The majority of truck accidents are caused by cars. According to the American Trucking Association, cars are responsible for 80% of all truck accidents. The University of Michigan Transportation Institute also found that 81% of truck accidents were caused by cars. In 2013, the National Highway Traffic Safety Administration determined that 91% of truck accidents were caused by cars.
It takes many hours of training to become a commercial truck driver and operate your vehicle safely on the road. Unfortunately, the drivers of other types of vehicles do not receive any specialized training regarding how to operate their cars safely with regard to trucks, and it shows.
The Main Causes of Accidents
The main ways cars cause truck accidents include making left turns in front of trucks, improperly merging into traffic, and pulling in front of trucks at intersections. The most common cause of accidents between passenger vehicles and trucks is a misunderstanding of the capabilities of a truck’s performance, such as being unaware of limits on how a truck accelerates as well as the driver’s visibility.
A truck accident can be far more dangerous than an accident between two smaller vehicles. In fact, 4,136 people died in large truck crashes in 2018, and 16 % of those were occupants of the truck. In addition, 67 % of the occupants of a car involved died, and 15 % were pedestrians, bicyclists, or motorcyclists. Unfortunately, this represents an increase of 31 % since 2009.
Many drivers forget that a truck cannot stop quickly due to their weight and the design of tractor-trailers. Slamming on brakes can cause a truck to jackknife, leading to even more danger on the roadway. Passenger cars often ride in what is known as the “No Zone.” This is an area of the truck where the driver has no visibility. In addition to this, drivers may cut trucks off when they make sudden lane changes.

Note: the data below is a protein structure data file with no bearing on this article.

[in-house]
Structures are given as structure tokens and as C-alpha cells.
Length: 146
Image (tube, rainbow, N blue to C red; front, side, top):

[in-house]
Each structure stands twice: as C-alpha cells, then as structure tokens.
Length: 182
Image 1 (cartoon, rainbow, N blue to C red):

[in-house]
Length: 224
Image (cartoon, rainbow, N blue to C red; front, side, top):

It is important to slow down when a truck attempts to merge or change lanes and allow them ample room to pass. Cars have also been blown out of position by air turbulence or crosswinds after they pass a commercial truck. Cars should never drive between two large trucks or abandon a vehicle in a travel lane.
Compensation After a Truck Accident
A truck driver who is injured in an accident where a passenger car driver was at fault may be eligible for compensation. Even if workers’ compensation covers most of your damages, you may also be able to file a lawsuit against the driver of the passenger car for your pain and suffering and any expenses workers’ comp didn’t cover.
Workers’ compensation covers lost wages, medical bills, and other expenses related to a job-related injury. However, workers’ compensation will not compensate you for loss of future wages, loss of consortium, lifelong medical treatments, or extensive pain.
If the driver dies of their injuries, their family may be able to file a wrongful death suit. In fact, many people have. When a loved one is killed through an act of negligence, certain surviving family members have the right to seek compensation. This may include the deceased’s spouse, children, parents, or other family members.
There is no average settlement amount in truck accident cases because no two accidents will have the exact same circumstances. However, there have been many seven- and eight-figure settlements. These include:
- One man received $7.4 million compensation after being injured in a truck accident that was caused by the driver of a passenger car.
- A person who was left with brain damage after a collision with a tractor-trailer received $11.2 million in compensation.
If you or a loved one has been injured while driving a commercial truck and the driver of a passenger vehicle was at fault, it is in your best interest to reach out to a personal injury lawyer who can evaluate your case and identify the responsible parties that may owe you compensation.